Why Macca needs to remember his post-Beatle success

With one of the biggest back catalogues in the history of music, Paul McCartney continues to tour around the world playing setlists that barely scratch the surface of this massive and eclectic body of work.

Over the past decade Paul McCartney’s tour setlists have become a little stale: while a handful of songs are moved and changed from tour to tour, there is always a set of ‘core songs’ that is always there. Hey Jude, Let It Be, Yesterday, Blackbird, The Long and Winding Road etc etc etc. All are undeniably great songs, but all are Beatles songs that  have suffered from their overexposure.

One would not be blamed for thinking that Paul is resting on his Laurels, playing songs he’s comfortable with and that the average Beatles fan would want to hear. BUT when going to a Paul McCartney concert it seems a little silly that you get what is essentially a Beatles tribute act.

Yes The Beatles shot him to fame in the 60’s, but they had gone their separate ways by the end of 1970. For 40 years Paul has made albums both as a solo artist and in Wings, so it seems a little unfair around 60% of the songs he plays live are from that 1/5 of his career.

There are a glut of fantastic selling singles that have been criminally ignored: Wings songs including Helen Wheels, With a Little Luck, Goodnight Tonight, Magneto and Titanium Man, and Getting Closer, and solo songs including Ever Present Past, Figure of Eight, Press, From a Lover to a Friend, Young Boy, and This Never Happened Before have all been left by the wayside by the man himself.

But the fans haven’t forgotten! Many fans want to see some of there songs getting the attention they deserve. For example there is a sizable online movement petitioning that Macca plays one of his biggest hits: Silly Love Songs. Having being released in 1976 and reaching number 2 in the UK and number 1 in the US, it is one of his biggest and well recognised post-Beatles songs. He was on top of the world with Wings and Silly Love Songs capitalised on that overwhelmingly massive success.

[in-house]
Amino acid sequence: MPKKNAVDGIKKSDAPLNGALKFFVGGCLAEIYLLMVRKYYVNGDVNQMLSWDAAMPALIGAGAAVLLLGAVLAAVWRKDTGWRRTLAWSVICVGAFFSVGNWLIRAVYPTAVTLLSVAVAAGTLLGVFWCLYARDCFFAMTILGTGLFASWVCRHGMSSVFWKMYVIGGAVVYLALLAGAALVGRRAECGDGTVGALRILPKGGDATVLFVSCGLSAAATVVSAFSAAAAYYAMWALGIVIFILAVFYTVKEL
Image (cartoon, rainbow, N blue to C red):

Similarly the much loved piano-driven rocker Listen To What The Man Said also peaked at number 1 in 1975, however just like Silly Love Songs, after the critically acclaimed Wings Over America tour it was all but forgotten about.

Bafflingly he has opted to play the bluesy rock song Letting Go during his world wide Up and Coming tour. While you will hear no complaints coming from fans that the song found its way into the setlist, it only managed to limp its way to number 39 and 41 in the US and UK respectively.

So how does he choose the setlists? What drives him to pick some of the songs? Well his current touring band have had a hand in some of the more unexpected songs that he has played. Amongst others, Getting Better, Helter Skelter, Come and Get It, Too Many People, Juniors Farm, and I’ll Get You have all been suggestions of either Rusty Anderson, Brian Ray, Abe Laboriel Jr or Paul “Wix” Wickens.

Yet while these deeper cuts have come and gone, the same ‘core (Beatles) songs’ have remained.

Regarding the setlist Paul has been quoted as saying:

“First of all what we think the audience might like; secondly, what we like — which is very important because we can’t throw in stuff that they like, but we don’t. And then we throw in a bit of things they may not know, but that we think would be interesting because they don’t know ’em. And then we look and see what we did last time and we try not to do too many of the same numbers. We try to open with something different, so a few little things like that.”

But despite what genuine fans that have intently followed his career over the years want to hear, at the end of the day it is down to the man himself to decide what he wants to play. It is after all him who stands there for 3 hours and sings his heart out and obviously sees many members of the audiences deep rooted love for his Beatles output. He is obviously grateful for the big break the band gave him, and that is pretty understandable.

But one can live in hope that Paul knows that there is a massive percentage of his fanbase that became hooked on Wings or solo-Paul music, and that one day he will set aside the Beatles bubble – for a little while at least – and give those fans the real rock show that they want and deserve.

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2 thoughts on “Why Macca needs to remember his post-Beatle success

  1. good piece mr josh..i agree 100% if thats worth any kudos

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